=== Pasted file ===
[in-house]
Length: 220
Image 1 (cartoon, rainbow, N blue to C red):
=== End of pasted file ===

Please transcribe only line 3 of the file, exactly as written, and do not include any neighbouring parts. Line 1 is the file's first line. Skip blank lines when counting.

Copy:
Image 1 (cartoon, rainbow, N blue to C red):